Hi all and a happy new year,
I hope you’re all happy, healthy and looking forward to the start of a New Year, I know I am as 2022 has been a difficult year for me. There’s been a lot of change and uncertainty, a ton of work stress and I lost my horse Charlie unexpectedly during the Summer. Needless to say I was not wholly successful in meeting my reading, or blogging goals for the year. I was probably even more of a mood reader than usual and nice, uplifting comfort reads were very much my go to reads for a lot of the time. I did however manage to track my reads (mostly) for the year, thank you Storygraph, so I thought why not do a reading wrap up of 2022 using some of their graphs.
My 2022 Reading in Graphs
At the start of 2022 I decided to try using Storygraph to track my reads and honestly I’m finding it so much better than Goodreads. It doesn’t have the same community that Goodreads has, yet, but it’s much better in terms of adding/finding books, tracking your progress against reading challenges and producing stats in the form of graphs that you can slot into a blog post 🙂 Every year I set up a spreadsheet to track my reads with the intention of doing some graphs of my reading (I work with numbers so love a graph) and by around the second week of January the spreadsheet has been abandoned. Storygraph has therefore been a godsend, so much so that I’m very tempted to move to “Plus” so I can get some more stats and graphs (I’m currently using the free version). So what do the graphs say about my reading in 2022?
1. Books/Pages Read – 112 books / 39,355 pages
I set my target for the year at 100 books and 35,000 pages but managed to finish a total of 112 books, reading just over 39,000 pages. Work tends to be super busy at the start and end of the year and a little quieter in spring and summer, so the number of books finished in a month ranged from a low of 5 in December to a high of 14 in April. The months with higher reads are also the ones where I was taking part in team reading challenges with Uno running from February to April and Tower Teams from mid May to August.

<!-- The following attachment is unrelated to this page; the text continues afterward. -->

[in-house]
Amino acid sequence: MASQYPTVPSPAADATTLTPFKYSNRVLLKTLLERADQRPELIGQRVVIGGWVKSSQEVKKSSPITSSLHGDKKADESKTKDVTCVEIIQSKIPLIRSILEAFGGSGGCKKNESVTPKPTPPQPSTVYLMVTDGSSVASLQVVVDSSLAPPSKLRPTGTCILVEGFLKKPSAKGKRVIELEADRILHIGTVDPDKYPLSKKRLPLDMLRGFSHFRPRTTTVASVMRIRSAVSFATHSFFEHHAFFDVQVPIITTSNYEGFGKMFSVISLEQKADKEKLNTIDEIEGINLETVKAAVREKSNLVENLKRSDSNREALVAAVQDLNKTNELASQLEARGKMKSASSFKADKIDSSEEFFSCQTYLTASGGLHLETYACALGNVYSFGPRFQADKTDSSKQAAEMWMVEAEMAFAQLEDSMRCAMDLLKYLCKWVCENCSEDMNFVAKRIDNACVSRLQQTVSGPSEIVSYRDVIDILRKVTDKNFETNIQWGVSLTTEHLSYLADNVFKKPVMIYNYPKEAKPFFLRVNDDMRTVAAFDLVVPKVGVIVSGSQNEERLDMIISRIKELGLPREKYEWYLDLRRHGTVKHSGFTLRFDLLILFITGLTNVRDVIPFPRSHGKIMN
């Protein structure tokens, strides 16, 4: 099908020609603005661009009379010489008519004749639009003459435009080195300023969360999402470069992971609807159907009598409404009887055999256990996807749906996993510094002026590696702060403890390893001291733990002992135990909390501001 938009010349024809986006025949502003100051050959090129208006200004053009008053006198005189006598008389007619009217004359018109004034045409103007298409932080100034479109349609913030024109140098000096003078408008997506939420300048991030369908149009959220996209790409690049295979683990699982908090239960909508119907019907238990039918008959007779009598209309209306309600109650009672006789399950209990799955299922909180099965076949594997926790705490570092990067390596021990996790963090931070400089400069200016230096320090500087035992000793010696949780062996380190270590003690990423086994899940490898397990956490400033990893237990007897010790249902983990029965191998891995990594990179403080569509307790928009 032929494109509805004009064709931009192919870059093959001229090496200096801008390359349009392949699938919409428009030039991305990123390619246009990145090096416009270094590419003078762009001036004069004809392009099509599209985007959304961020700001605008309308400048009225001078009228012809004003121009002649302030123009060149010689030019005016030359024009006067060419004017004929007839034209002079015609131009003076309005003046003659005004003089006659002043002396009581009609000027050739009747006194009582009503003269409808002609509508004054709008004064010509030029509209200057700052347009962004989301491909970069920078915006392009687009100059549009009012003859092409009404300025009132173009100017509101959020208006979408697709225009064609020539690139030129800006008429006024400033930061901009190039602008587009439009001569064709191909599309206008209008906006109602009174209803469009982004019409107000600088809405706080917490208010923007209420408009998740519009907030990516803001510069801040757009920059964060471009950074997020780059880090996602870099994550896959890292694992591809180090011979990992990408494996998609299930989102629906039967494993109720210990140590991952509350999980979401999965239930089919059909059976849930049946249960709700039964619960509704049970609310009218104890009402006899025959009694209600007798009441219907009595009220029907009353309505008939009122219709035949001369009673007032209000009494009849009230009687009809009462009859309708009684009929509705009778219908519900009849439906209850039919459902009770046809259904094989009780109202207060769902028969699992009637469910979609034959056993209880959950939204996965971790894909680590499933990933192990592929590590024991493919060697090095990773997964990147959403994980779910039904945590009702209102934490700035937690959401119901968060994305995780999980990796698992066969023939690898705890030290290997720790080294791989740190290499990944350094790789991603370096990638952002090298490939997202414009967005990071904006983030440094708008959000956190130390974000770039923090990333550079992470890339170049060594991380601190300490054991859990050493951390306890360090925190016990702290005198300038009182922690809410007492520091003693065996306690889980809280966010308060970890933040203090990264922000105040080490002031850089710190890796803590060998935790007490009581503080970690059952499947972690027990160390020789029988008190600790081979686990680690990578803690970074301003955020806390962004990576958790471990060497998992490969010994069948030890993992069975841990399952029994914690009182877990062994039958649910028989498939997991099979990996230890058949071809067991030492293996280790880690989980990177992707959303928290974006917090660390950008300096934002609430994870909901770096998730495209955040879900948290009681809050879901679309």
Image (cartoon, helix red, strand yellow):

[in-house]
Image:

2. Average Rating – 3.79 Stars
Despite reading 112 books I seem to have only rated 110, no idea what the missing two are and I’m too lazy to check. One of the things I love about Storygraph is that you can give quarter and half stars. I want my books to be pretty much perfect before I’ll give them the full 5 stars so it’s great to have the option for 4.5 and 4.75 stars for those books I loved but weren’t perfect. I ended up only giving 4 books the full 5 stars with 6 getting 4.75 stars and 9 at 4.5 stars. Expect a separate post soon on my favourite reads of the year. The majority of books were around the 4 star mark so despite a couple of truly bad reads (I blame booktok) I’d say most of my books were enjoyable ones.
3. Mood – Mostly uplifting, light hearted books
I’m not entirely sure how accurate the “Mood” categorisations are on Storygraph and I’m pretty sure books appear on this more than once (a single book could be lighthearted, funny and relaxing for example) but I think this does sum up the majority of my reads this year. I was definitely leaning into the easy, uplifting and comforting books this year although there were a few dark and tense reads in there too
4. Most Read Genre / Authors
Given the main moods of my reads over the last year it should be no surprise that Romance and Contemporary were the main genres read this year. Again I’m pretty sure books are double counted and pop up in more than one genre